Homeowners resent that they have to pay planning permission fees to Donegal County Council for a second time.
In order to access the redress scheme, families must ensure that their local property tax is up to date.
For seven years, mica homeowners sought and did not get a local property tax exemption. Last week, they were told an exemption may apply from November. But it will only apply if they are in the redress scheme.
"What that means, in reality, is that I have to pay €6,000 to get onto a scheme to avail of about €100 exemption. To us, it's an insult," Eileen Doherty said.
Kathleen and Kenny Rodgers pay their property tax. Kathleen is hoping against hope to keep her house, because she cannot afford the cost of even applying for the redress scheme.
"Some of us just survive week to week. We're ordinary, simple people that just go to work, come home, pay our bills, make ends meet. And if you have a bit of extra, well and good, you put it onto your house," she said.
"I'm on the illness benefit, it's €203 a week. Kenny is on the pandemic payment: €203. So that's all we have. That's what we're surviving on."
Kathleen and Kenny are scared to even have their home assessed.
"What if we have to toss the house? That’s the end of our dream," she said.
"We're never going to be able to build that house again. We wouldn't have the money."
But some of the redress panel engineers have a bigger concern: even if the Government does offer 100% redress, exactly what will they be redressing?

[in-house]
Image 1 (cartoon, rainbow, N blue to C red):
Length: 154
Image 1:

Engineers such as Martin Doherty have found that, while many homes are only getting approval for the replacement of the outer leaf, they themselves are reluctant to sign off on anything short of full demolition.
"The problem that we're finding as engineers here is that we're being pushed and channelled down a route for the least-cost option," he said.
"It's obviously substantially more expensive to demolish and rebuild a house than it is to simply do the outer leaf. But I am very concerned with any of these outer leaf solutions. It's a temporary fix."
Because the inner walls are the structural elements of a house – they bear the weight of the house – Mr Doherty fears that banks may conclude that the homes are structurally flawed, and refuse to lend against them when offering mortgages to those who may wish to buy them in the future.
Reluctance in engineers to sign off on any remedial option short of demolition was predicted in the Government’s own expert panel report.
But the report did not even begin to look at potential insurance issues.
"Our houses are still not going to be insurable. Our houses are still not going to be back to market value," said Eileen Doherty. "Who would want to buy a mica house where you just had the outer leaf replaced?"
For now, Donegal has been left with its own housing crisis as a result of the scandal. Even as the scale of the issue continues to emerge, the county has a shortage of homes to rent and contractors to build.
Hundreds more affected householders with separate pyrite problems in blocks from other quarries and suppliers in Mayo and Clare are similarly affected. After pyrite, after Priory Hall, bad building control has come back to bite again.